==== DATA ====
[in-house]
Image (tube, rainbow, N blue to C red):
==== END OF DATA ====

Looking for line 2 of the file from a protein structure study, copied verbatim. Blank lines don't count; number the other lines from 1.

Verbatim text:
Image (tube, rainbow, N blue to C red):